Born in London and raised in Lagos, multimedia artist and Member of the “Most Excellent Order of the British Empire” Yinka Shonibare explores the inheritances of colonialism in our contemporary, globalized world. Best known for using wax print cloth to represent historic cultural and economic interdependence, Shonibare also has long plumbed a rich palette of other media and symbols—including firearms. The works by Shonibare in the Davis collections exemplify his theatrical depictions of beauty and violence. The sculptural double portrait How to Blow Up Two Heads at Once (Ladies) combines eighteenth century dueling pistols, late nineteenth century dress patterns, and twenty-first century Dutch fabric produced for African and African Diasporic markets. The artist has explained that the tense standoff between two headless women examines “the pointlessness of conflict in general.” With allusions to literary and film traditions such as Westerns, science fiction, and ethnography, Shonibare’s new woodblock print and collage series Cowboy Angels takes up icons of between-ness: not only cowboys and angels, but also African masqueraders, Harlequins, stock tables, and the familiar wax print cloth. Whether engaged in a duel or astride a horse, these characters are ready, with their guns drawn—but for what uncertain futures?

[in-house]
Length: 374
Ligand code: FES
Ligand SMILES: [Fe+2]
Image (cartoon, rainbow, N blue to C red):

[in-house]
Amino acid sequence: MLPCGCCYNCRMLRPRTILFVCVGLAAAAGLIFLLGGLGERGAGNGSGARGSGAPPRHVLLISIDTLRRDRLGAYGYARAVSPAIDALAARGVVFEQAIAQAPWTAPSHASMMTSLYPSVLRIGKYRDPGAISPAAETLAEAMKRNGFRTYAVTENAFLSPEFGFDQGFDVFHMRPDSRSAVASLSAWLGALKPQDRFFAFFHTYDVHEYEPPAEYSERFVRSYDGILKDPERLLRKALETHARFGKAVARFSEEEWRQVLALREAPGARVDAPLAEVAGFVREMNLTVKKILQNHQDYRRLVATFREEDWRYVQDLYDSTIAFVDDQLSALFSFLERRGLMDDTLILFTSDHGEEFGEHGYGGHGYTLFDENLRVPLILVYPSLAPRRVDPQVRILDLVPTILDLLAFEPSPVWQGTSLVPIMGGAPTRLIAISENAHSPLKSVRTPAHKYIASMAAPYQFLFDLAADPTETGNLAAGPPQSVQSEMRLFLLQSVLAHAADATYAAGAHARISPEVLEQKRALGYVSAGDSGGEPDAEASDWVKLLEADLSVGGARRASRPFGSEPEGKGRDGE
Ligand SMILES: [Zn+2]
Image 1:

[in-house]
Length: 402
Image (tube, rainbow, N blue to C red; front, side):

Curated by Amanda Gilvin, Assistant Curator, the exhibition is generously supported by the Constance Rhind Robey ’81 Fund for Museum Exhibitions.
Image Credit: Yinka Shonibare MBE, Cowboy Angel V, 2017. Woodcut with fabric collage. Museum purchase, Erna Bottigheimer Sands (Class of 1929) Art Acquisition 2018.59.6. © Yinka Shonibare MBE. All Rights Reserved, DACS/ ARS, NY 2018.